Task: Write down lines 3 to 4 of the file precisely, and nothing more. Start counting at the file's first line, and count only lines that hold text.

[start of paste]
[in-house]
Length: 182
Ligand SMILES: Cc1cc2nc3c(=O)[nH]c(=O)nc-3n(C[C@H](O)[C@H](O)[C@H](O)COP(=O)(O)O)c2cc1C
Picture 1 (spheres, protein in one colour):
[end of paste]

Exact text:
Ligand SMILES: Cc1cc2nc3c(=O)[nH]c(=O)nc-3n(C[C@H](O)[C@H](O)[C@H](O)COP(=O)(O)O)c2cc1C
Picture 1 (spheres, protein in one colour):